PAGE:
a loved one
Congratulations! You have family or friends who love you and who want to assist you so that your life is easier.
You, the loved one!
Congratulations! You have family or friends who love you and who want to assist you so that your life is easier. Sometimes it’s not easy to give up independence, but do know that your caregiver(s) mean(s) well and that they are also struggling to keep you comfortable and to balance their caregiving role with other life aspects. You are definitely a TEAM now, and need to take care of its members for the wellbeing of all.
Guidelines for the caregiver
Assisting a loved one who needs support requires dedicated commitment and can be for a long period of time. Based on the link(s) below, you can find some guidelines to help you care for your loved one and for yourself.
Give yourself credit for doing the best you can in one of the toughest jobs there is! You may have not yet realized it but, in order to do this job well, you need support from other caregivers, take care of your own health, and accept offers of help.
Seek support from other caregivers. You are not alone! Join in-person and online support groups and forums. Update your family to diminish burden and depression.
CARE GIVER ACTION FORUM
Take care of your own health so that you can be strong enough to take care of your loved one. Caregivers need to pay attention to burnout, exhaustion, and other physical or emotional symptoms affecting our health and well-being. Create balance between caring for you and caring for others by:
- Getting exercise — beneficial for both your physical and mental wellbeing. The following link provides ideas about exercising and enjoying a good sleep. AARP Caregiver Balance-Time for Exercise
- Getting regular check-ups and not ignoring possible symptoms of ill health
- Taking a break from caregiving — frequent respite time is crucial
Caregiver Action – Respite, Time Out for you
- Getting a flu shot and taking vitamin supplements
- Laughing with a friend or two
Watch for signs of depression such as sadness, hopelessness, worthlessness, anxiety, lack of energy, interrupted sleep, appetite disturbances, difficulty concentrating, and suicide thoughts. Don’t delay getting professional help when you need it!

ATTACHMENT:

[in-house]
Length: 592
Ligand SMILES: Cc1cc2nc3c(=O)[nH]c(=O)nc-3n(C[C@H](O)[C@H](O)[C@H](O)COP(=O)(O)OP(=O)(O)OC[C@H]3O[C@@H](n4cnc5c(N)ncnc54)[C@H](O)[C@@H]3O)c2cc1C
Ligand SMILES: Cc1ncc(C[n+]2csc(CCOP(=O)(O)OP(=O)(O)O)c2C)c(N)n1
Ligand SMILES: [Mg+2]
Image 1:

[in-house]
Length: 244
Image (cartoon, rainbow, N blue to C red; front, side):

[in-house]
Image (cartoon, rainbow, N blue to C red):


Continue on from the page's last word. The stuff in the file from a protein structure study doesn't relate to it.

To help gauge what feelings you may be experiencing and if they relate to depression, take this depression self-assessment screening:
Health America – Depression Screening Tool
The following link shares some stress-relieving tips:
AARP’s Caregiver Stress Management Tips
Meditating is also a helpful way to find peace and balance:
A useful meditation link.
Accept offers of help: Don’t feel guilty about admitting that you need help! It is impossible to go it alone. Caregiving is made up of many individual tasks, so create a list of all of the things that need to get done — cooking meals, mowing the lawn, filling out insurance forms, driving your care recipient to the doctor, helping her dress. Once you have your list of tasks, group them into distinct categories — personal care, household chores, transportation, other— and ask family, friends, and paid caregivers (if possible) for help. Suggest specific things people can do to help you!
Managing your time
If you work outside the home, you must balance your job obligations with caregiving. Your employer-based support policies and programs may include benefits which can help manage your time, such as medical or family leaves, advising with specialists, flexible work hours or working from home.
The following link may be useful:
AARP’s juggling work and caregiving tips.
Learn how to communicate effectively with doctors and healthcare providers.
Check out this 24-minute video for specific tips and skills on how to effectively advocate for your care recipient:
Caregiver Resources – How to talk to your doctor.
Organize medical information so it is up-to-date and easy to find. Create a patient file checklist containing the patient’s medical history, medications list, insurance information, and legal documents. Here are some useful tips:
Caregiver Patient File Checklist
Be open to new technologies that can help you care for your loved one. These informative caregiving instructional videos will show you how to best care for them at home: Caregiver Videos on New Technologies.
Technology can help with your caregiving responsibilities. For example, you can use technology to help track medications, manage your loved one’s asthma via your phone or use a GPS locator if your loved one wanders off. The following link might help you sort through this new and perhaps daunting world of high-tech products and services in a way that makes sense for the family caregiver:
Make sure legal documents are in order
If you are managing your loved one’s finances, read this article to ensure that you have access to key legal documents:
Legal Documents Checklist
Be organized and have quick access to the following documents: power of attorney, will, trusts, recurring receipts, mortgage payments, property declarations, loan agreements, stock and bond certificates, retirement benefit statements, bank account information and other investments, insurance and health policies, social or disability insurance, other
insurance (life, housing, automobile), medical records and tax returns.
Caregiving Family Care
Caregiver State List
- In Spanish:
LGBT Aging Center
- Department of Rehabilitation Services State Union on Aging
- Fact sheets on:
Medicare Changes for Transgender Older Adults
Marriage, Medicare and Medicaid: What Same-Sex Couples Need to Know
Accessing Information on Medicare Benefits for LGBT People